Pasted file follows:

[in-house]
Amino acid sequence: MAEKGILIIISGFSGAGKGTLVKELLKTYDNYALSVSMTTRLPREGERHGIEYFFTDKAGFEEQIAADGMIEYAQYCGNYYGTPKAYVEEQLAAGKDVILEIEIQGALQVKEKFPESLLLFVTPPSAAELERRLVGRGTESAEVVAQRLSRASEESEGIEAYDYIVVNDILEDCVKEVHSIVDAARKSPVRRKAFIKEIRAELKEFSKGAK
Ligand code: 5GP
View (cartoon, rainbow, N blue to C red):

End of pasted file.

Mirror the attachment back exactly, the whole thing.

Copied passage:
[in-house]
Amino acid sequence: MAEKGILIIISGFSGAGKGTLVKELLKTYDNYALSVSMTTRLPREGERHGIEYFFTDKAGFEEQIAADGMIEYAQYCGNYYGTPKAYVEEQLAAGKDVILEIEIQGALQVKEKFPESLLLFVTPPSAAELERRLVGRGTESAEVVAQRLSRASEESEGIEAYDYIVVNDILEDCVKEVHSIVDAARKSPVRRKAFIKEIRAELKEFSKGAK
Ligand code: 5GP
View (cartoon, rainbow, N blue to C red):